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CX Isn’t a Function or a Department — It's the Center of All You Do
The competitive landscape is changing dramatically, as companies realize that customers really are the center of their universe. With the days of M&A and massive cost-cutting behind us (for the moment), organic growth—also known as creating value by acquiring more customers and keeping them longer—is again in vogue. While I understand that this may not sound very insightful or fresh, it’s important to state for several reasons. The truth is, many companies are inflexible in the ways they interact with their customers. Especially in this environment, that’s not an approach that will win, or keep, customers.
As customer needs evolve, and as their understanding of the competitive landscape expands, companies need to rethink many of the systems and processes that have been set over the years, driven primarily by the needs of the company rather than by the desires of the customer. With increased competition from an array of sources in virtually every industry, and significantly increased customer expectations for service, it’s time for companies to take a step back and reorganize around the needs of their customers.
The key word here is “reorganize.” That’s because the delivery of customer experience cuts across the many silos that exist within any company of size. In brief, this is not an issue just for the marketing department or for human resources. The process of creating and delivering a consistent, differentiated and branded customer experience will affect almost every aspect of a company’s operations.
Let’s look at the handoff between sales and operations as one example. In recent work with a major distributor, the one-on-one relationships developed during the sales process were found to be a key component of the decision to enter a business relationship. For sales, you get there by building trust, establishing a strong relationship, and identifying—then dismantling—barriers.
Following a letter agreement and “post deal” dinner and congratulations, the prospective client is handed off to the next stage of the onboarding process; the formality of finalizing a contract. For Legal, the process is (and clearly I’m oversimplifying here) about “winning.” While the deals were closed for the most part, the process was a negative experience for new customers, in no small part because it was unexpected and inconsistent with their prior experience. Why? The goals for sales and legal aren’t in alignment.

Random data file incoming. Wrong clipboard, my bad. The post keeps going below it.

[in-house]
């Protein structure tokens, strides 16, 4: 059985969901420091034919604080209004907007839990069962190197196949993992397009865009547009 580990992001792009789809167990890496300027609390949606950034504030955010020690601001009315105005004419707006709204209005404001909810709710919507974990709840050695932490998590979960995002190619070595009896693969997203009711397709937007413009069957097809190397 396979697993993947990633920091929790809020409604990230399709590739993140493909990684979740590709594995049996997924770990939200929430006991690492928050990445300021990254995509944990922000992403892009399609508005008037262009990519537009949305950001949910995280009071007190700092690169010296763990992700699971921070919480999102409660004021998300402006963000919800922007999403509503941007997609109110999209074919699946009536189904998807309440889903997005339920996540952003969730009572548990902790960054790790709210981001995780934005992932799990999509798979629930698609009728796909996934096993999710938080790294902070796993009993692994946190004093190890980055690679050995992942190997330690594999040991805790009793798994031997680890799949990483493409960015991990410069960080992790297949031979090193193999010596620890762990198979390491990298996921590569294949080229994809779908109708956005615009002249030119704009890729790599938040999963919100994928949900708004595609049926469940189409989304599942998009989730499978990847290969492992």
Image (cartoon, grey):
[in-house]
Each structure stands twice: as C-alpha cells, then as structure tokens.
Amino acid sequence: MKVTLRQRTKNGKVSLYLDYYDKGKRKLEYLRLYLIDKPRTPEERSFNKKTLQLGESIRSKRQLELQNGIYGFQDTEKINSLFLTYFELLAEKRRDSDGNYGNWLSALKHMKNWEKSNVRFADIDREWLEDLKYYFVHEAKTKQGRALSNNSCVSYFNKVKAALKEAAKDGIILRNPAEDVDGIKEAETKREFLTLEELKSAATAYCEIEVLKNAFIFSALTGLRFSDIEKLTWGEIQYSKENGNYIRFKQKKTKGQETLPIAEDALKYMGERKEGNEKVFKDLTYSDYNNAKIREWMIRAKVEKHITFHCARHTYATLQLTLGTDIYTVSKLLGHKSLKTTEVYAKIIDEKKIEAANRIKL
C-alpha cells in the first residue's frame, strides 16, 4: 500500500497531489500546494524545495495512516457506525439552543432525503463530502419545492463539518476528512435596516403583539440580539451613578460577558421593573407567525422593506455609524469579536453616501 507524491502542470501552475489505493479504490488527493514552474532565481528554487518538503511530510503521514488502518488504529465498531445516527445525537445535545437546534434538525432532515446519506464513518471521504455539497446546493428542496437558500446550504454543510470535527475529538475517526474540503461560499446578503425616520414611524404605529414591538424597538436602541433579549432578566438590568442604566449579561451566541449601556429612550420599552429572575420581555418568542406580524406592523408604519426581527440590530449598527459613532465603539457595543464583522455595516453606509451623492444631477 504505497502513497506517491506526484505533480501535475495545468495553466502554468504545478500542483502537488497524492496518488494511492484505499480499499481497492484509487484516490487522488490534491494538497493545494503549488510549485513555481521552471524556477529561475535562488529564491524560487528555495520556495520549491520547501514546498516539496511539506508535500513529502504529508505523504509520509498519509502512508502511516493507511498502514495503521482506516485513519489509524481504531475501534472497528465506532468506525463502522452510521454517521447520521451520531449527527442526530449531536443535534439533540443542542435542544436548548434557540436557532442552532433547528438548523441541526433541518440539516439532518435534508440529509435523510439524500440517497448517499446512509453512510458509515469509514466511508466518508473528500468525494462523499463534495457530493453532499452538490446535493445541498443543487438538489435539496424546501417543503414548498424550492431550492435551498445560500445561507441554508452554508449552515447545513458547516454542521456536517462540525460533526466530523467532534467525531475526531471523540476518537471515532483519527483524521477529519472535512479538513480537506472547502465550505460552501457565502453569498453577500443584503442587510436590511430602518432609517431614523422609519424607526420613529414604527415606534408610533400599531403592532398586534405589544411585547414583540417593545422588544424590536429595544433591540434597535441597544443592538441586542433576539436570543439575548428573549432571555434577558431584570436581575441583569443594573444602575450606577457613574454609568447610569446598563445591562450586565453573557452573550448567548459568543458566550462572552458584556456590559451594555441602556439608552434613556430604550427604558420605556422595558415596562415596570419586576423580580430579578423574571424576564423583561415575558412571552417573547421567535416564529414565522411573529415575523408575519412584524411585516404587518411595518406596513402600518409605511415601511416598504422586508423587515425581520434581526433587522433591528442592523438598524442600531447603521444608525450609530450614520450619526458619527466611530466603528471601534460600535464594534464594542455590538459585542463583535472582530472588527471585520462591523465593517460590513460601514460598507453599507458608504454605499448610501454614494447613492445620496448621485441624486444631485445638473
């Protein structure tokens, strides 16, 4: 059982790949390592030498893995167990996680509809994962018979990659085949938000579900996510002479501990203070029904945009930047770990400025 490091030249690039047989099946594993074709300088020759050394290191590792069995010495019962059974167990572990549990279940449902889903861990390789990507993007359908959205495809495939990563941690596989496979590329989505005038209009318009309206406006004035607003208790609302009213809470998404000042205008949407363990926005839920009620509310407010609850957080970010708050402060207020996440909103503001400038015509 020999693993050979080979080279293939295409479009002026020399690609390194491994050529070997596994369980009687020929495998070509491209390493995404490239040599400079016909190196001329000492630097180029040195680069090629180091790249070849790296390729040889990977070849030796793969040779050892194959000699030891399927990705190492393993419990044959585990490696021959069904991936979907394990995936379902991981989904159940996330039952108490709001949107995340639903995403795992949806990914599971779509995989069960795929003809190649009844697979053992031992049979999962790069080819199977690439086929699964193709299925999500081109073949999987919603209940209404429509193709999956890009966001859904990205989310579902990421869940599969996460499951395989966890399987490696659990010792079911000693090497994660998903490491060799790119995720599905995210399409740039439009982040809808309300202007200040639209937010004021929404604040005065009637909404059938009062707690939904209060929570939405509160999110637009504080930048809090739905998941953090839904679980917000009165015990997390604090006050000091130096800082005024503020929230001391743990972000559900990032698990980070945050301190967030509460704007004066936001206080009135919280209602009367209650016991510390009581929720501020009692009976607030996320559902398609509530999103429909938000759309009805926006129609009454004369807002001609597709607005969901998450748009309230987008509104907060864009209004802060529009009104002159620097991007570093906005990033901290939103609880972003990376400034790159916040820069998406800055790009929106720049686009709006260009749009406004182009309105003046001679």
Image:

IT wasn’t operating from the same playbook as either legal or sales, though that’s a slightly longer story. What’s important to understand is that the lack of a defined customer experience strategy across these critical functions created perceptual issues that in some cases never went away. The long-term results were lower levels of initial satisfaction, and the creation of an “us vs. them” perception that colored the relationship for some time.
While organizational goals for customer experience in the pre-purchase and post-purchase phases of a customer relationship are different, understanding all customer-facing functions is critical for driving a customer experience that also delivers desired business results. In some companies, we’ve encountered the perception that experience = cost. In fact, we’ve seen the opposite. Good customer experience = profit. Of course, the usual caveats apply. For example, an “ideal experience” is different for different customers. And a focus on the “right” customers delivers the “right” results.
Moving away from the process-driven approach of interacting with customers based on a structured, “this is how we do it” model to a more flexible, customer-focused perspective based on the question, “how should we do it?,” aligns customer needs with business realities.
This isn’t a process that can typically be done quickly or easily. Nor is it a process that can be handled by a single group. The cross-functional nature of delivering experience dictates a cross-functional approach to defining and implementing it. In short, customer experience isn’t a function or a department—it should become the center of everything you do.